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ACR Systems, Inc. v. Woori Bank

United States District Court, Southern District of New York

March 25, 2015

ACR SYSTEMS, INC., Plaintiff,
WOORI BANK, Defendant

For Plaintiff ACR Systems, Inc.: JOHN E. CONE JR.

For Defendant Woori Bank: LOVE LAW FIRM P.C. By: Gregory P. Love



Before the Court is Defendant Woori Bank’s motion to dismiss Plaintiff ACR Systems Inc.’s (“ACR Systems”) complaint for lack of standing under Fed.R.Civ.P. 12(b)(1) and failure to state a claim under Fed.R.Civ.P. 12(b)(6). For the reasons that follow, Woori Bank’s motion is denied in part and granted in part.

I. Background

A. Facts

Unless otherwise noted, the following facts are drawn from the complaint.[1] ACR Systems is a corporation with a principal place of business in Texas. It sells and ships military defense goods. It conducts business in Westchester County, New York through its affiliate Costal Mechanics Co. Inc. Woori Bank is a citizen of South Korea and maintains a branch in New York.[2]

On December 28, 2010, Woori Bank issued a letter of credit on behalf of Woong Kook Co. Ltd. (“Woong Kook”), a South Korean company, to be paid to ACR Systems upon shipment of certain military defense goods as specified in a contract between ACR Systems and Woong Kook. Although Plaintiff does not have complete copy of the letter of credit, it attaches what it describes as “[a] copy of the advice of the said irrevocable Letter of Credit” as Exhibit A to its complaint. (Compl. ¶ 5.) While it is unclear to the Court what exactly the document is, it appears to indicate that a letter of credit has issued or will soon issue. The exhibit lists Woong Kook as the applicant, ACR Systems, Inc.[3] as the beneficiary, and Woori Bank, New York as the “Drawee.” Exhibit A also indicates that the “Applicable Rules” for the letter of credit would be the latest version of the International Chamber of Commerce’s Uniform Customs and Practice for Documentary Credits, also known as UCP 600. Additionally, the document attached as Exhibit A has a “Description of Goods and/or Services” as well as “Documents Required” and “Additional Conditions.”

In January 2011, ACR Systems entered into a contract with Woong Kook to supply the South Korean Defense Acquisition Program Administration with military defense goods that were authorized by the U.S. Government for a purchase price of $85, 862.00. Although Plaintiff does not provide them, Purchase Order Sheets dated January 10, 2011 and January 11, 2011 allegedly referenced the letter of credit as the method of payment.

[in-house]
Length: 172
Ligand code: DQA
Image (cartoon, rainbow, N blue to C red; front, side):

In February 2012, the military defense goods were shipped to Korea where they were accepted by Woong Kook. ACR Systems avers that it timely complied with the letter of credit’s “terms, preconditions and requirements.” (Compl. ¶ 9.) Despite the alleged compliance, Woori Bank only paid ACR Systems $28, 099.11, leaving $57, 762.89 unpaid. ACR Systems also alleges that Woori Bank never gave ACR Systems a complete copy of the letter of credit despite repeated requests.

ACR Systems also alleges that it incurred additional expenses because of Woori Bank’s failure to pay the balance and ACR System’s subsequent efforts to negotiate full payment. These include $4, 500 in travel expenses to South Korea; $5, 500 in legal fees; $4, 200 in storage costs for the military defense goods; and $57, 762.89 for Woori Bank’s failure to return the military defense goods.

B. Procedural History

Plaintiff originally brought this action in the Westchester County Supreme Court of New York. Defendant removed the action, on the basis of diversity, to the White Plains courthouse of the Southern District of New York. The case was assigned to Judge Vincent L. Briccetti. Judge Briccetti reassigned this case to the Manhattan courthouse of the Southern District of New York after it became clear that neither party resided in any of the Northern Counties and the claims did not arise out of activity in the Northern Counties. See ECF No. 19; see also Rule 18(a) of the SDNY Rules for the Division of Business Among District Judges.

Before the case was transferred, Woori Bank had moved to dismiss the complaint but later withdraw a portion of its motion that related to Plaintiff’s identity. At the same time the case was transferred, Defendant’s entire motion was denied without prejudice because it was unclear what arguments remained after withdrawal of the identity argument. Judge Briccetti also extended Defendant’s time to respond to the complaint so that Defendant would have an opportunity to refile its motion to dismiss ...

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